A Cape Breton family is breathing a sigh of relief after being reunited with a priceless family heirloom.

Gladys Henry was distraught after she learned a jewelry store had accidentally given her treasured bracelet to the wrong customer.

The bracelet was a gift from the family of Henry’s deceased husband and her daughter had taken it to the jeweler to have it repaired.

Meanwhile, Shawn Dilney had gone to the same jewelry story to pick up a gift from her deceased husband.

“The stub was my husband’s stub and he’s deceased,” says Dilney. “So, I didn’t know what he put in the jewelers. I thought he had bought me a new piece of jewelry, but before he died he didn’t have a chance to give it to me.”

Uncertain about what she was picking up at the store, Dilney had no idea she had been given someone else’s family heirloom.

Dilney realized the bracelet wasn’t hers after spotting a picture of it on social media. The owner of the jewelry store rewarded Dilney for returning the jewelry.

“I wasn’t expecting it, not at all, but it came in handy and off I went,” says Dilney. “When you know something is not yours, you don’t expect to get anything for it.”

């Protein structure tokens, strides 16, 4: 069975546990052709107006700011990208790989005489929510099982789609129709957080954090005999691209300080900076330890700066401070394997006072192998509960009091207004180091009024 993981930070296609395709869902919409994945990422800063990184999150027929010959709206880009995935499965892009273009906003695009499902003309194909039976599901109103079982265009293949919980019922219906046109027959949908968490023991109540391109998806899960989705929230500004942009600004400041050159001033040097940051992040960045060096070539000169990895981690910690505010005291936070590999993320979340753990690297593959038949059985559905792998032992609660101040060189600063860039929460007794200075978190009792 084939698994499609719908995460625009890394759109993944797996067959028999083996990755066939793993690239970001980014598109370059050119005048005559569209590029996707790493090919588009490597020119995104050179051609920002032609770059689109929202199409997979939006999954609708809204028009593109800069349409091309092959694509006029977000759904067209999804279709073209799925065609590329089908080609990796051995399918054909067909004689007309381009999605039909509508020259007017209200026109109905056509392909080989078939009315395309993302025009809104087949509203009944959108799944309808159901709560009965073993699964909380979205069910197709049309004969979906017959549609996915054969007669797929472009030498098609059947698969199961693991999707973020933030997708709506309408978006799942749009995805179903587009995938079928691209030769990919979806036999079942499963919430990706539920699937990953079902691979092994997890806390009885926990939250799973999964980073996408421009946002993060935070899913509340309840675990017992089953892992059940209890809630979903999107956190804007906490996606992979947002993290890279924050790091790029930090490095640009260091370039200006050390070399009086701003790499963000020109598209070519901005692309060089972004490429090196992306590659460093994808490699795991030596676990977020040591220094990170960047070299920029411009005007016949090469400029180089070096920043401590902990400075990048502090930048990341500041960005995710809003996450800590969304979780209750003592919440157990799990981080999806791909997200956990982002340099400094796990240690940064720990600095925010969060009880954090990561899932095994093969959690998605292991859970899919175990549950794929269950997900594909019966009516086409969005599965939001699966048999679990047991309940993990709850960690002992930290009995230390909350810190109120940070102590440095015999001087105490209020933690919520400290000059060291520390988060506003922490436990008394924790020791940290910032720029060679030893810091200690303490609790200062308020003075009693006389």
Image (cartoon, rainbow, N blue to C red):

Henry says she never thought she would see the bracelet again and is thrilled is have it back.

“It feels great, it brings back all kinds of feelings about my husband,” she says.

Henry’s daughter, Deborah Henry-Horton, says she is just happy the family heirloom has been returned to its rightful owner.

“Very excited, very relieved, perhaps my mother will trust me again,” says Henry-Horton. “She said, ‘put it on your wrist,’ and I said, ‘no, I don’t want anything to do with that bracelet again. You keep it, it’s yours.’”

The family is still hoping to have the bracelet fixed locally, but they admit it will be hard to trust someone with something that means so much to them.

"I would like that. I would like to have it and be able to wear it," says Henry. "I can't wear this now, but it means as every bit to me as my husband did."

Wth files from CTV Atlantic's Kyle Moore